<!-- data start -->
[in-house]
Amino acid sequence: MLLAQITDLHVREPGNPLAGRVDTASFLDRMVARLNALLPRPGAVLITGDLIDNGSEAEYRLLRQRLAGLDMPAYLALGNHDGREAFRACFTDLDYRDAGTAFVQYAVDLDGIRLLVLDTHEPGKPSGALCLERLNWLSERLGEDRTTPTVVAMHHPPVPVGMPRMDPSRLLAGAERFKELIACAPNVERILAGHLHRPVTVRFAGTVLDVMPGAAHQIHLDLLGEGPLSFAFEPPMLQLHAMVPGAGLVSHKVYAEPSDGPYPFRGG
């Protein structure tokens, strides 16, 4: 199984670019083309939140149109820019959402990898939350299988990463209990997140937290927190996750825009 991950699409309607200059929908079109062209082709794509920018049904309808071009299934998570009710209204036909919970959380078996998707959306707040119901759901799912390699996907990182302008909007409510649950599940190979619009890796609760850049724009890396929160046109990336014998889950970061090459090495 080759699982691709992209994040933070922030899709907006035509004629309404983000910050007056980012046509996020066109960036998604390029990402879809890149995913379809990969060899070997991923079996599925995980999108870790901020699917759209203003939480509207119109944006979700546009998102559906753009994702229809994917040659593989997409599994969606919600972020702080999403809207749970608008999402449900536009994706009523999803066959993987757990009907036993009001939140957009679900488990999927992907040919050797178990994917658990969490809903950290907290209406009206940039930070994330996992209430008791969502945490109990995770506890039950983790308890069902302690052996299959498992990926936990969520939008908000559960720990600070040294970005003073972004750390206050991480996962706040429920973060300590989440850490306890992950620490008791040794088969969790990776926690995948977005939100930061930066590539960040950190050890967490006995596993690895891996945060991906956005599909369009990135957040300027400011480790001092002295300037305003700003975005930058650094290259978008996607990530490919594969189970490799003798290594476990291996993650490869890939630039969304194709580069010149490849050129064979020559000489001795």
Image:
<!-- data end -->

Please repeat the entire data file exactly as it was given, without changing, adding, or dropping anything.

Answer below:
[in-house]
Amino acid sequence: MLLAQITDLHVREPGNPLAGRVDTASFLDRMVARLNALLPRPGAVLITGDLIDNGSEAEYRLLRQRLAGLDMPAYLALGNHDGREAFRACFTDLDYRDAGTAFVQYAVDLDGIRLLVLDTHEPGKPSGALCLERLNWLSERLGEDRTTPTVVAMHHPPVPVGMPRMDPSRLLAGAERFKELIACAPNVERILAGHLHRPVTVRFAGTVLDVMPGAAHQIHLDLLGEGPLSFAFEPPMLQLHAMVPGAGLVSHKVYAEPSDGPYPFRGG
């Protein structure tokens, strides 16, 4: 199984670019083309939140149109820019959402990898939350299988990463209990997140937290927190996750825009 991950699409309607200059929908079109062209082709794509920018049904309808071009299934998570009710209204036909919970959380078996998707959306707040119901759901799912390699996907990182302008909007409510649950599940190979619009890796609760850049724009890396929160046109990336014998889950970061090459090495 080759699982691709992209994040933070922030899709907006035509004629309404983000910050007056980012046509996020066109960036998604390029990402879809890149995913379809990969060899070997991923079996599925995980999108870790901020699917759209203003939480509207119109944006979700546009998102559906753009994702229809994917040659593989997409599994969606919600972020702080999403809207749970608008999402449900536009994706009523999803066959993987757990009907036993009001939140957009679900488990999927992907040919050797178990994917658990969490809903950290907290209406009206940039930070994330996992209430008791969502945490109990995770506890039950983790308890069902302690052996299959498992990926936990969520939008908000559960720990600070040294970005003073972004750390206050991480996962706040429920973060300590989440850490306890992950620490008791040794088969969790990776926690995948977005939100930061930066590539960040950190050890967490006995596993690895891996945060991906956005599909369009990135957040300027400011480790001092002295300037305003700003975005930058650094290259978008996607990530490919594969189970490799003798290594476990291996993650490869890939630039969304194709580069010149490849050129064979020559000489001795």
Image: